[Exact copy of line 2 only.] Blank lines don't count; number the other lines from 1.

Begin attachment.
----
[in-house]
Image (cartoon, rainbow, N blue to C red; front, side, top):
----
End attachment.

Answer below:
Image (cartoon, rainbow, N blue to C red; front, side, top):